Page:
‘I Love Lucy’: How the Classic Lucille Ball Comedy Got Its Name

Decades after its premiere on CBS in 1951, I Love Lucy is still considered one of the greatest pioneering comedy series. The fact that it remains a consistent and solid favorite of millions of fans worldwide speaks to its brilliant scripts and ensemble cast of Lucille Ball, Desi Arnaz, Vivian Vance, and William Frawley.

It’s easy to assume the show’s name simply happened, but that wasn’t the case at all.

The familiar 'I Love Lucy' opening credits with the show's title in a heart, 1953
‘I Love Lucy’ opening title, 1953 | CBS via Getty Images

‘I Love Lucy’ started as a radio show

In his book I Love Lucy: The Untold Story, one of the show’s creators, Jess Oppenheimer, revealed that the comedy began as the radio series titled “My Favorite Husband.” It pioneered the use of one continuous story in comedy shows. Most radio comedies were one “bit” after another. Not I Love Lucy.

Lucille Ball and Desi Arnaz in a scene from 'I Love Lucy', 1951
Lucille Ball and Desi Arnaz in a scene from ‘I Love Lucy’, 1951 | CBS/Getty Images

“Although the radio show was doing well, [writers] Bob and Madelyn and I were always under criticism from CBS,” the producer and writer said. “We just weren’t writing what was then considered the “in” kind of radio comedy show, where you have a series of comedy characters, each of whom comes in, does his own shtick, and then exits. Instead, we did whole stories – we did situation comedy.”

CBS, Oppenheimer said, was constantly criticizing the format.

“And they kept telling us this would never fly,” he added. “But we persisted, and eventually the popularity of the program just became too much for them to argue with.”

The composer of the ‘I Love Lucy’ theme song didn’t want his name known

“We needed a theme song,” Oppenheimer wrote, explaining that the name came to mind right away of the person he wanted to ask to compose the opening melody.

“I immediately thought of my old friend Eliot Daniel, whose work included the Oscar-nominated song ‘Lavender Blue,'” he said.

Lucille Ball is dressed in artist's garb in an episode of 'I Love Lucy', 1953
Lucille Ball in a scene from ‘I Love Lucy,’ 1953 | CBS via Getty Images

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While Daniel agreed to compose the tune, he had to ask Oppenheimer not to credit it to him because of a conflict of interest.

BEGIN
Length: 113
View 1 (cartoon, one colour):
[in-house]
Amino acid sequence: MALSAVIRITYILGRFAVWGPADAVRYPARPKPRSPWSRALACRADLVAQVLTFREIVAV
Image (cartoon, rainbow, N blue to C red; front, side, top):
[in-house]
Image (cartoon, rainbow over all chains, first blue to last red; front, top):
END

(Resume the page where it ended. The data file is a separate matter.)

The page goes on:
“‘I’ll do it for you, Jess, but you’ll have to keep my name out of it,'” Oppenheimer quoted Daniel as saying. “‘My exclusive contract with Fox doesn’t run out until next year.'”

And so, Daniel’s name doesn’t appear as composer of the song he said “practically wrote itself.”

How the comedy got its name

When it came to naming the series, Oppenheimer said every day the show planning went on without a name was nerve-wracking for him.

“What we still lacked was a name for the show,” he said. “The script on my desk simply said ‘So and so presents LUCY starring Lucille Ball and Desi Arnaz,’ but ‘Lucy’ was just a working title.”

(L to R): 'I Love Lucy' stars Vivian Vance and Lucille Ball dressed in candy-maker uniforms hiding unwrapped candies in the classic 'Job Switching' episode, 1952
Vivian Vance and Lucille Ball in ‘Job Switching’ episode of ‘I Love Lucy’, 1952 |
CBS Photo Archive/Getty Images

Recommendations were made by all the writers for the show’s official title, but nothing was sticking, the producer said.

“Because we were doing a live show, the cards bearing the title and credits had to be made up in advance,” he recalled. “All of us had contributed possible names for the program. I had the long list of suggestions in front of me. It was time to choose.”

Finally, the title came to Oppenheimer: “I kept coming back to the same title: I Love Lucy. That’s the one, I decided. That conveys the essential nature of the show – an examination of marriage between two people who truly love each other.”